@CrazyJewishMom Instagram Star to Appear at JFCS Benefit
@CRAZYJEWISHMOM: Kate Friedman Siegel, right, has popular Instagram account and a book, “Mother, Can You NOT?”, both inspired by her mother Kim Friedman, left. Siegel will appear at Stuart Country Day School on November 28 at 6:45 p.m. in a program presented by the Jewish Family & Children’s Service of Greater Mercer County.
By Anne Levin
Trying to hold a three-way phone conversation with Kate Friedman Siegel and her mother, Kim Friedman, is a challenge that would be annoying if it wasn’t so funny. This mother/daughter comedy routine is the basis of the popular Instagram account @CrazyJewishMom and Siegel’s book, Mother, Can You NOT?
Siegel, a 2011 graduate of Princeton University, will bring her unique take on maternal involvement, or interference, to Stuart Country Day School on Wednesday, November 28, at 6:45 p.m., in a program presented by the Jewish Family & Children’s Service of Greater Mercer County (JFCS). There will be multiple vendors at the event, which costs $50 a ticket and includes a cocktail hour. A percentage of the proceeds benefit the JFCS.
Describing her path to Instagram fame, Siegel said that after college, she worked at the publishing giant Conde Nast in visual media production. “Back when she had a real job,” Friedman interjected. “Excuse me?” her daughter shot back. “I’m talking.” At a bachelorette party around that time, Siegel happened to read aloud a few of the texts her mother would send her several times a day. The reaction? Gales of laughter.
“She’s always texting me annoying, funny things, like, ‘What’s that smell? Oh, it’s your decaying eggs,’” Siegel said. “People were just dying. They couldn’t stop laughing and encouraging me to read more. I had this ‘aha’ moment — maybe there’s something here, where people would find it funny while I find it annoying.”
She started posting the texts on Instagram. “She lied about it,” Friedman said. “She said, ‘Can I send some of these to my friends?’”
Despite the snark, it’s obvious that Friedman, who is a television and film director, is proud of her daughter and thrilled that some 700,000 people follow the account, which offers features like “Ask Mom and Spawn,” as well as a podcast every Sunday. For Siegel, watching the account go viral was a shock. “There was no way for me to know this would happen, that we would go from 11,000 to 300,000 followers in 24 hours,” she said. “There was a lot of crazy media pickup.”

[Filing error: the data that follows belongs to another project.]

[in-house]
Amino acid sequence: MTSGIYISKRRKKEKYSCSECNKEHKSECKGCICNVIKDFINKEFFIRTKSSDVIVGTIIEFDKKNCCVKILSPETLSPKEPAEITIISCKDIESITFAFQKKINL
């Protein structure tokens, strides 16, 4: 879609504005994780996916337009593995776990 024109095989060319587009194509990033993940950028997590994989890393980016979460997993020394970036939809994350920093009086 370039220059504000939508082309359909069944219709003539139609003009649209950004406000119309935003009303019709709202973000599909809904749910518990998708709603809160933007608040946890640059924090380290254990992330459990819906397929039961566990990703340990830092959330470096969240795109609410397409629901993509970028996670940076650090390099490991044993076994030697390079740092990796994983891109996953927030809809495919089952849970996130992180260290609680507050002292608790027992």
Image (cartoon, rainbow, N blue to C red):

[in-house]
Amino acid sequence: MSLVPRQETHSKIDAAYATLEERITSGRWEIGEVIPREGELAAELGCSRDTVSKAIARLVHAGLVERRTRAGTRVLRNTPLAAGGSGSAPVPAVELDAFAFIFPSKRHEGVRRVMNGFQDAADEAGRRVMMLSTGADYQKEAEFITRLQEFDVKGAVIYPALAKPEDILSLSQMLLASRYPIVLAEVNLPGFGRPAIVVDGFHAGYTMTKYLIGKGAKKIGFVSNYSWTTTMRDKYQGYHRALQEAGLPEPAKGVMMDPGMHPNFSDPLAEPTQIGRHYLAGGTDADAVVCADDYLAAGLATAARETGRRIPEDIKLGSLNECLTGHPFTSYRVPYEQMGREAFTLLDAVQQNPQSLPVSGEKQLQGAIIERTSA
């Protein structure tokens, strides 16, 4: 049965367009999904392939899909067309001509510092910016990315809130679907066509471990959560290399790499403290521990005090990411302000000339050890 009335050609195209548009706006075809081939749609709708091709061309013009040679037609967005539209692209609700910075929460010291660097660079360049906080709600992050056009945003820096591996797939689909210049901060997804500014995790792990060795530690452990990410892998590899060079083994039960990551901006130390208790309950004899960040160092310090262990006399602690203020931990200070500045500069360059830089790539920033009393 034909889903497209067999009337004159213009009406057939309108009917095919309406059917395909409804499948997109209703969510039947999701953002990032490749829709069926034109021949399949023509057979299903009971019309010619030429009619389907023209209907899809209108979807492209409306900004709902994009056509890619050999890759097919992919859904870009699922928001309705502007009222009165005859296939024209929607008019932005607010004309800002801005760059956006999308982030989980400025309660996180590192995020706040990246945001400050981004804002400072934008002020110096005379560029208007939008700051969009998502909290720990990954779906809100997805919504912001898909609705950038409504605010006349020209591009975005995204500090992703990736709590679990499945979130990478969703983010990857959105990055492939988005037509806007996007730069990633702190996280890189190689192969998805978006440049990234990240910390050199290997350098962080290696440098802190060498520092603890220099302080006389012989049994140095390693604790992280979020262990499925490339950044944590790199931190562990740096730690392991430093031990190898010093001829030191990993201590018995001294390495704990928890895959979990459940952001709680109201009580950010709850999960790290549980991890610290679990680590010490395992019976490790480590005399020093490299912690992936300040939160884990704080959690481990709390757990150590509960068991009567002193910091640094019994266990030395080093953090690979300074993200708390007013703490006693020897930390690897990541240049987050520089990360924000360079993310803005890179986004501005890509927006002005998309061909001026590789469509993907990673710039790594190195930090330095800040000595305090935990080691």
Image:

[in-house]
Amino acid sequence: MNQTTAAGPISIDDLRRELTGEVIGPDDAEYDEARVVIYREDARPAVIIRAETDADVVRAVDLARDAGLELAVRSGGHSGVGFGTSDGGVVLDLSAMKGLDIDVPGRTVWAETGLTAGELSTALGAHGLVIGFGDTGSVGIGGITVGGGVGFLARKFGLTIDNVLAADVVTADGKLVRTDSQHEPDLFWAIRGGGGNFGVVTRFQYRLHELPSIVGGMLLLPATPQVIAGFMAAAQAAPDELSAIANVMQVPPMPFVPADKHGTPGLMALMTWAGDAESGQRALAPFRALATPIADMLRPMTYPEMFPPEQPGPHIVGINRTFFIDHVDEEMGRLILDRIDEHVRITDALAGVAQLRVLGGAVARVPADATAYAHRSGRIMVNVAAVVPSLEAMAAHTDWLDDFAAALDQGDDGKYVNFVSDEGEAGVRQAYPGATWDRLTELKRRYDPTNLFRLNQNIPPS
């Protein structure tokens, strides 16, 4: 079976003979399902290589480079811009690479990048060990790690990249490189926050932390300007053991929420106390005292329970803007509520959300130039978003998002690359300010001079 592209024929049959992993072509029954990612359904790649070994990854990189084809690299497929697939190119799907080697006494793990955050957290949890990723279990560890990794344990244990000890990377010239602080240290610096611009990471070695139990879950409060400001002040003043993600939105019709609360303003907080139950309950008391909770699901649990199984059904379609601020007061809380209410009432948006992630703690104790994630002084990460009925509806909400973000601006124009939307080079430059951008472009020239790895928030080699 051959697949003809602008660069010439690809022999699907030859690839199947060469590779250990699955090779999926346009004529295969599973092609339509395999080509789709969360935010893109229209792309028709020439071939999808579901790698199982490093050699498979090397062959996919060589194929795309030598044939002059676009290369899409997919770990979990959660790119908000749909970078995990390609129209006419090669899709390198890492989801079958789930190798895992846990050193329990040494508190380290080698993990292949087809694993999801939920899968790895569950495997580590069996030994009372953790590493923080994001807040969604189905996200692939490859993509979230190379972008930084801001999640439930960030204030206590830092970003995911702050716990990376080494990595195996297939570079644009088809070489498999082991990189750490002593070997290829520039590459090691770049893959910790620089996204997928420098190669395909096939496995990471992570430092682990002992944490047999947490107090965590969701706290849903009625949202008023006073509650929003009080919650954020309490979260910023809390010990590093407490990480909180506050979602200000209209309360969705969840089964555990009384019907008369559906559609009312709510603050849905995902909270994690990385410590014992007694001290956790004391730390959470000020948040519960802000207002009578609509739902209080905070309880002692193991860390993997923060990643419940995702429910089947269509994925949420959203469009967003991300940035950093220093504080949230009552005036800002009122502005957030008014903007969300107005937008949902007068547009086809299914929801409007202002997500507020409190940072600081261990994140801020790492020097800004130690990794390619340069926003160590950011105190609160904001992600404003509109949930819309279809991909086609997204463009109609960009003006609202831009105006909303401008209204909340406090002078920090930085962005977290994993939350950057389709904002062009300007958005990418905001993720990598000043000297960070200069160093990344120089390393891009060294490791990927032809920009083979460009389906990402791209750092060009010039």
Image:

Writing Mother, Can you NOT? was “a no-brainer,” said Siegel. “It’s a collection of essays about all of the insane adventures we got into when I was growing up in L.A.”
Accounting for the success of @CrazyJewishMom and the book, Siegel said, “I think all of this is just extremely relatable. There is something about the mother/daughter dynamic. My mother is intense, but we have seen that this could be crazy Catholic mom, crazy Indian mom, or whatever. It strikes a universal chord. And I also think none of this would work if it wasn’t founded on love. Even though she makes me want to tear my hair out.”
Friedman adds, “I say to her what mothers want to say to their daughters and talk about to their friends, but they don’t. You have to be honest but not push too much. Who’s going to advocate for them if not you?”
It hasn’t been all fun and humor for @CrazyJewishMom. Siegel and Friedman have experienced their share of anti-Semitism, especially since the October 27 murder of 11 people at the Tree of Life synagogue in Pittsburgh. Siegel posted a lengthy letter on her personal account detailing her experiences with Instagram when she reposted some anti-Semitic images and rhetoric that had been sent to her. Instagram informed her she had “violated community guidelines” and that her post had been deleted and could be “restricted or disabled” should she “violate guidelines” again.
After a great deal of outrage in posts by the account’s followers, Instagram restored the original post they had deleted. Siegel’s letter goes on to say she is all too familiar with digital hate, and has been asked by the Anti-Defamation League to keep track of what she receives.
“I’m not a tone-deaf, sociopathic Aryan race warrior who wants to rub salt in the wound inflicted on the Jewish people in Pittsburgh and around the world,” she wrote. “I’m a proudly and publicly Jewish person who runs a humorous Instagram account called @CrazyJewishMom, where I post funny memes and mortifying conversations with my neurotic, Jewish mom. My intent with sharing that post was not to cause anyone pain, but rather to highlight the problem with hate speech regulation on Instagram.”
But life goes on for this mother and daughter, who are now in the ultimate
@CrazyJewishMom territory, since Siegel recently got engaged. “I don’t know why I thought it was going to be a moment of relief,” she said. “It’s not. My mother is in higher gear than I’ve ever seen her in my life, planning this wedding.”
Friedman is enthusiastic about her son-in-law-to-be, a nice, Jewish boy. “And as I have been reminding her, every year there are less and less eggs,” she said.
Stuart Country Day School, 1200 Stuart Rd, Princeton NJ 078540
Cocktail Reception includes Drinks & Small Bites 6:45 – 8PM